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    Paulownia Trees Could Support Reforestation Efforts

    This Empress of trees provides solutions to many problems

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    Lately the paulownia tree, sometimes known as the Royal Tree, the Princess Tree, or even the Empress Tree, has been getting a lot of press.  It is an extraordinary deciduous species, and is native to China.

    This species of tree grows extraordinarily quickly.  It can grow as much as 50 cm per year, which means that it takes a much shorter length of time before you can harvest for timber when compared to other species of trees.  As well, the canopy of the paulownia tree can reach over 10 meters very quickly, and therefore provides shade more rapidly than other species.  The paulownia tree is not fussy when it comes to the best type of soil needed for optimal growth.  It can even resist droughts and the effects of air pollution.  It has been claimed that the paulownia tree can actually resist insect invasion, and improve the soil in the area.  The paulownia tree is a multipurpose species as its lavender, pink blossoms are edible.  And the wood harvested is of great value as it can be used in the manufacture of wood floorings, furniture, boxes, and music instruments.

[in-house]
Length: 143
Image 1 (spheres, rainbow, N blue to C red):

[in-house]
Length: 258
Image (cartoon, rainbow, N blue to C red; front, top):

So it would seem that this Empress of trees provides solutions to many problems.  Costa Rica is committed to environmental solutions, and strategies to protect the eco-systems found in the country.  Yet deforestation is still a serious problem here as forests are being cut to make room for cattle ranches, pineapple farming, and palm oil plantations.  In the past 70 years, over 80% of the forests in Costa Rica have disappeared.  Costa Rica is not the only country dealing with this problem as deforestation is a major problem world-wide.  The world-wide loss of forests leads to soil erosion and destruction, loss of biodiversity, changes in the water tables, and major climate changes.

    Throughout the world, deforestation has become a major threat to the environment.  This Princess tree could be the solution to start addressing this problem.  For a number of reasons, the paulownia tree makes a lot of sense.  It produces valuable timber much faster than other species, produces timber for a variety of uses, is resistant to drought and air pollution, and even improves the soil in the region.  Unlike any other species, the paulownia tree could really make a difference to Costa Rica’s reforestation efforts and in record time.

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